Posted by: Yvonne | 17/11/2010

Day 1 – LPASS in DC

On Saturday, 71 PASS students and a handful of staff set off from Munich International Airport for Washington D.C. for a week or learning about the U.S. government and speaking to officials of various levels.

As with any trip to a new place, our informal first day – Sunday – began with a tour of the city. We visited the war memorials and notable sights in the city – Ford’s Theater where President Lincoln was shot, and the boarding house across the street where he died; the Chinese Friendship arch, and past the Smithsonian museums. Our tour guide, Noelle, was fantastic.  She was well-spoken and knew a tidbit about everything. She gave us a great tour of the city.

Our first stop Monday was the Pentagon Conference Center. We heard first from Jennifer Walsh, Principal Director for Russia, Ukraine and Eurasia in the Office of the Under Secretary of Defense for Policy. She was a young-looking woman, who spoke intelligently and confidently about her realm of work; before joining the Department of Defense she was a Fulbright Scholar to Sweden and earned her Master’s in Public Affairs from the LBJ School of Public Affairs at UT, Austin. She was very impressive both in background and presentation.

Our second speaker was Paul Hulley, principal director for the office of partnership strategy and stability operations in the office of the secretary of defense. He spoke a little about what he and his office is responsible for and then turned the floor over to David Cate, who works for him as director of coalition affairs.

Mr. Cate was confident and well-spoken. He addressed institution-building and leadership-building in-country with coalition partners, and stressed how much his office appreciated the work the Marshall Center did to help further their goals.

He talked specifically about some of the programs that help our efforts in building partner capacity such as the Warsaw Initiative Fund which supports defense reform and interoperability in conjunction with Partnership for Peace. In answering questions from the participants, he was very open, answering honestly and completely as possible.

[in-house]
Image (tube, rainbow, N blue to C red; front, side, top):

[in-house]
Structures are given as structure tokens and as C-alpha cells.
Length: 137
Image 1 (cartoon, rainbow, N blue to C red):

The morning closed with Adm. Mike Mullen, chairman of the joint chiefs of staff, speaking to participants briefly about leadership and responsibility, and the importance of the PASS in helping forge relationships. If you have the opportunity, listen to the admiral speak. This was the second time I’d heard him in person. He has a deep voice, and when speaking does not fidget.  He stood among the participants, and gave those with questions his undivided attention. You were assured of his honesty and sincerity when he answered.

One question was, what was the admiral’s secret to success? The admiral said his advice for success would be to not burn bridges, to keep options open, and to give themselves multiple strengths and skills.

He was asked about Afghanistan, Pakistan and India in particular, and stressed that it is important for us to engage in that area and region, to help develop the relationships among leadership of those countries; that the relationships were key to forging a lasting stability in the region.

All of the speakers addressed questions about Afghanistan, India and Pakistan, the START treaty and our commitments in Eastern Europe, and U.S. views and possible actions in Georgia and Russia. All were firmly able to say that te U.S. is committed to its goals of peace and stability in those regions.

Some of the questions were more leading than others, and I could tell the topics were very close and personal – especially to participants living in regions that see or had recently seen conflict – but everyone was respectful of others, and the speakers were candid and honest in their answers.

After lunch, the group went to Arlington National Cemetery for a walking tour. We visited the Kennedy memorial, and saw the changing of the guard at the tomb of the unknowns. Army Lt. Col. Eric Metzger narrated the tour, saying that currently the cemetery is holding about five funerals a week for service-members who have died in Iraq or Afghanistan.

On our way back to the buses, two soldiers driving a team of four dappled-grey horses pulling a cart with a draped coffin passed us, going up the long road of the cemetery entrance.

– Yvonne Levardi, GCMC PAO


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